G20 host urges West to soften anti-Russia rhetoric – Politico – RT World News

Indonesian leaders, hoping to rally members with a statement, have reportedly asked politicians to appease criticism from Moscow

Indonesia, host of the G20 summit, is reportedly seeking to prevent the gathering of world leaders from becoming a party against Russia, urging Western politicians to temper their criticism of Moscow so that all members can be integrated with a communicated at the end of the event.

Indonesian President Joko Widodo and other government officials have asked Western leaders to make concessions on the extent of their anti-Russian rhetoric on the Ukraine crisis, Politico reported Sunday, citing three unidentified diplomats familiar with the talks. The two-day summit kicks off in Bali on Tuesday, and Widodo hopes to find enough common ground for all G20 members, including Russia and China, to agree on a group statement.

Widodo also aims to prevent the group from following in the footsteps of the G8, which expelled Moscow and became the G7 after Crimea voted to become part of Russia in 2014. A G7 statement earlier this month condemned Russia for its “war of aggression” against Ukraine and called for the withdrawal of all Russian forces from the former Soviet republic. The group also accused Russia of war crimes in Ukraine and lambasted the Kremlin for “irresponsible nuclear rhetoric”.

Western Europeans will try to isolate Russia at G20 – Telegraph

Such a statement would probably not find consensus in Bali, where Russia will be represented by Foreign Minister Sergey Lavrov. Several other G20 members, including China, India, Brazil and Saudi Arabia, would be reluctant to sign a statement scolding Russia. Politico said one possibility would be to issue a more general joint statement calling for “enforcing international law”.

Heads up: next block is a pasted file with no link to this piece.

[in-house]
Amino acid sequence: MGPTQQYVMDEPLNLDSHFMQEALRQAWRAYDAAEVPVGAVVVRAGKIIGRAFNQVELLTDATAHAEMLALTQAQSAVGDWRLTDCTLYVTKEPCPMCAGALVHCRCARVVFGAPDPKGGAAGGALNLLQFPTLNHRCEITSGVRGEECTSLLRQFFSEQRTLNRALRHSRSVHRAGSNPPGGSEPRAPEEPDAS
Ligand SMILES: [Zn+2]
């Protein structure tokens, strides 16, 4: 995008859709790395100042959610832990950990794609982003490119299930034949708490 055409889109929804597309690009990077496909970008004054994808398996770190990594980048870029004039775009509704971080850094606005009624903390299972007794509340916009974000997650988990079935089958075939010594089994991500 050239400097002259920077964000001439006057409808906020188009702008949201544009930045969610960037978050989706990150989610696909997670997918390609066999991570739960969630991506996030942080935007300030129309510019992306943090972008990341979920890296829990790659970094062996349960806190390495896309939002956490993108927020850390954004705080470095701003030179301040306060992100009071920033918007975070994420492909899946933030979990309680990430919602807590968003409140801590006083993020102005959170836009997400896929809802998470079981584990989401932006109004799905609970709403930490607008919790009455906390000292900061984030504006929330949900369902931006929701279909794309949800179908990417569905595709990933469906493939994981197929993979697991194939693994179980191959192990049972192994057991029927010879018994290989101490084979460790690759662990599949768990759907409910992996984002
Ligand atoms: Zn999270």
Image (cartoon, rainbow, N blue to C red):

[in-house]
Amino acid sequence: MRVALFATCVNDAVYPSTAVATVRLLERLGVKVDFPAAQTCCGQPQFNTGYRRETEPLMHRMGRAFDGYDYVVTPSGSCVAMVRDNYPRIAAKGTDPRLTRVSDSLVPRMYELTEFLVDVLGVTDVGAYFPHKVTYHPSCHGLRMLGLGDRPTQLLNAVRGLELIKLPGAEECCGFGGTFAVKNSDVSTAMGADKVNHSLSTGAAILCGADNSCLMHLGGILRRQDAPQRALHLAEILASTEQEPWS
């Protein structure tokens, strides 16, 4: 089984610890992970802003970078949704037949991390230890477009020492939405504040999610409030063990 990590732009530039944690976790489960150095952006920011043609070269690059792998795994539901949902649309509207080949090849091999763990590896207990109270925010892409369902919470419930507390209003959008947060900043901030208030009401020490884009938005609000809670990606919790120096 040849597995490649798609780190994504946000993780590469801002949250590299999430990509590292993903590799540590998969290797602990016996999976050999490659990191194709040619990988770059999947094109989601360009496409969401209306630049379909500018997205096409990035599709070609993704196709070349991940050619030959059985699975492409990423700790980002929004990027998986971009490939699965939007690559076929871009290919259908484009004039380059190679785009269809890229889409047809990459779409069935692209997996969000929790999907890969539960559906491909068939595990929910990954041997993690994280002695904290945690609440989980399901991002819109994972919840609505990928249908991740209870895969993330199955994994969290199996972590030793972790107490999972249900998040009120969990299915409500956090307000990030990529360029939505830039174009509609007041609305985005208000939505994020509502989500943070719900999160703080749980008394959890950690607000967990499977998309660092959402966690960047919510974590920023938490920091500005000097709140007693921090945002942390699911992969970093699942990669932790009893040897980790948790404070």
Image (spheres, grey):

“Obviously we can’t be as tough as we do at the G7 when you need the Russians, Chinese and Saudis to agree,” a Western diplomat told the outlet. “The question is how much do we need to cut.” The United States, Canada, Japan, Australia and major European countries are among the G20 members that Indonesian officials are targeting with their calls for softer rhetoric.

Widodo also hopes to avoid controversy over a group photo, such as those typically taken at G20 meetings to show solidarity, given that some members might be reluctant to line up in the same image with Lavrov. Last month, before Moscow announced that President Vladimir Putin would not attend the summit, Politico reported that White House officials were taking steps to ensure Biden would not cross paths with the Russian leader.

Putin won’t speak at G20 summit (Kremlin)


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